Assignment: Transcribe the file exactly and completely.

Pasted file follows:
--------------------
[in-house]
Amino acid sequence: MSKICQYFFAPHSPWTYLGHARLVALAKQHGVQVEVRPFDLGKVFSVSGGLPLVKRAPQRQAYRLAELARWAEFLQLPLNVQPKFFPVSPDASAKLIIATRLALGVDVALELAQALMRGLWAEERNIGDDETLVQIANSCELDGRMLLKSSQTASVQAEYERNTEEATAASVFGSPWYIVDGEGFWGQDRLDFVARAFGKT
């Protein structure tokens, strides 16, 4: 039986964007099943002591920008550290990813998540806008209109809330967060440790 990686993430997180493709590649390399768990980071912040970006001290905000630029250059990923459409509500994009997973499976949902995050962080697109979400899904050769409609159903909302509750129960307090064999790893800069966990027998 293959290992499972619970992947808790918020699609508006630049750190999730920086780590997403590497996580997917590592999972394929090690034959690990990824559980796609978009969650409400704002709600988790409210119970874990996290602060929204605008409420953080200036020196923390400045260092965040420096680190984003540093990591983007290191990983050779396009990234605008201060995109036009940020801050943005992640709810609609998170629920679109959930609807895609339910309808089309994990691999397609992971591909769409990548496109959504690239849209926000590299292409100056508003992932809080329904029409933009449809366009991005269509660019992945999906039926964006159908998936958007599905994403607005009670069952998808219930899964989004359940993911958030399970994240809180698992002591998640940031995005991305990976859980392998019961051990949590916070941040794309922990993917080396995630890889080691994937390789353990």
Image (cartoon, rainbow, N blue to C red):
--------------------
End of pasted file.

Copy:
[in-house]
Amino acid sequence: MSKICQYFFAPHSPWTYLGHARLVALAKQHGVQVEVRPFDLGKVFSVSGGLPLVKRAPQRQAYRLAELARWAEFLQLPLNVQPKFFPVSPDASAKLIIATRLALGVDVALELAQALMRGLWAEERNIGDDETLVQIANSCELDGRMLLKSSQTASVQAEYERNTEEATAASVFGSPWYIVDGEGFWGQDRLDFVARAFGKT
């Protein structure tokens, strides 16, 4: 039986964007099943002591920008550290990813998540806008209109809330967060440790 990686993430997180493709590649390399768990980071912040970006001290905000630029250059990923459409509500994009997973499976949902995050962080697109979400899904050769409609159903909302509750129960307090064999790893800069966990027998 293959290992499972619970992947808790918020699609508006630049750190999730920086780590997403590497996580997917590592999972394929090690034959690990990824559980796609978009969650409400704002709600988790409210119970874990996290602060929204605008409420953080200036020196923390400045260092965040420096680190984003540093990591983007290191990983050779396009990234605008201060995109036009940020801050943005992640709810609609998170629920679109959930609807895609339910309808089309994990691999397609992971591909769409990548496109959504690239849209926000590299292409100056508003992932809080329904029409933009449809366009991005269509660019992945999906039926964006159908998936958007599905994403607005009670069952998808219930899964989004359940993911958030399970994240809180698992002591998640940031995005991305990976859980392998019961051990949590916070941040794309922990993917080396995630890889080691994937390789353990």
Image (cartoon, rainbow, N blue to C red):